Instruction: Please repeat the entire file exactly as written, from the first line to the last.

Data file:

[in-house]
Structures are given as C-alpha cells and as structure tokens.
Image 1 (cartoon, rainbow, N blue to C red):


[in-house]
Structures are given as C-alpha cells and as structure tokens.
Image 1 (cartoon, rainbow, N blue to C red):